Johnson’s imposition of his own tastes and interests on his dictionary didn't help matters either. His dislike of French, for example, led to familiar words like unique, champagne, and bourgeois being omitted, while those he did include were given a thorough dressing down: ruse is defined as “a French word neither elegant nor necessary,” while finesse is dismissed as “an unnecessary word that is creeping into the language."

8. HE LEFT OUT THE LETTER X.

    At the foot of page 2308 of Johnson’s Dictionary is a note merely reading, “X is a letter which, though found in Saxon words, begins no word in the English language."

    9. HIS DEFINITIONS WEREN’T ALWAYS SO SCHOLARLY.

      As well as imposing his own taste on his dictionary, Johnson also famously employed his own sense of humor on his work. Among the most memorable of all his definitions is his explanation of oats as “a grain, which in England is generally given to horses, but in Scotland supports the people.” But he also defined monsieur as “a term of reproach for a Frenchman,” excise as “a hateful tax levied upon commodities and adjudged not by the common judges of property but wretches hired by those to whom excise is paid,” and luggage as “anything of more weight than value.” As an example of how to use the word dull, he explained that “to make dictionaries is dull work.”

      10. HE POKED LOTS OF FUN AT HIS OWN OCCUPATION.

      Listed on page 1195 of his dictionary, Johnson’s definition of lexicographer was “a writer of dictionaries; a harmless drudge.”

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      Something Something Soup Something
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      This Game About Soup Highlights How Tricky Language Is
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      Something Something Soup Something

      Soup, defined by Merriam-Webster as "a liquid food especially with a meat, fish, or vegetable stock as a base and often containing pieces of solid food," is the ultimate simple comfort food. But if you look closer at the definition, you'll notice it's surprisingly vague. Is ramen soup? What about gumbo? Is a soy vanilla latte actually a type of three-bean soup? The subjectivity of language makes this simple food category a lot more complicated than it seems.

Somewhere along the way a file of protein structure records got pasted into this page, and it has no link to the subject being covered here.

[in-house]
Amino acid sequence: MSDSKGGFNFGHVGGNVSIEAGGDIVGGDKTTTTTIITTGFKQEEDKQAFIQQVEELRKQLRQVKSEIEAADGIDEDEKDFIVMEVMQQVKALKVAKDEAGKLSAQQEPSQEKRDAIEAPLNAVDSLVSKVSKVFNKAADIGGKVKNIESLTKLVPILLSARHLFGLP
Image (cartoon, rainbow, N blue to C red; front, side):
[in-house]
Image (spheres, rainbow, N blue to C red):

That’s the inspiration behind Something Something Soup Something, a new video game that has players label dishes as either soup or not soup. According to Waypoint, Italian philosopher, architect, and game designer Stefano Gualeni created the game after traveling the world asking people what constitutes soup. After interviewing candidates of 23 different nationalities, he concluded that the definition of soup "depends on the region, historical period, and the person with whom you're speaking."

      Gualeni took this real-life confusion and applied it to a sci-fi setting. In Something Something Soup Something, you play as a low-wage extra-terrestrial worker in the year 2078 preparing meals for human clientele. Your job is to determine which dishes pass as "soup" and can be served to the hungry guests while avoiding any items that may end up poisoning them. Options might include "rocks with celery and batteries in a cup served with chopsticks" or a "foamy liquid with a candy cane and a cooked egg served in a bowl with a fork."

      The five-minute game is meant to be tongue-in-cheek, but Gualeni also hopes to get people thinking about real philosophical questions. According to its description page, the game is meant to reveal "that even a familiar, ordinary concept like 'soup' is vague, shifting, and impossible to define exhaustively."

      You can try out Something Something Soup Something for free on your browser.

      [h/t Waypoint]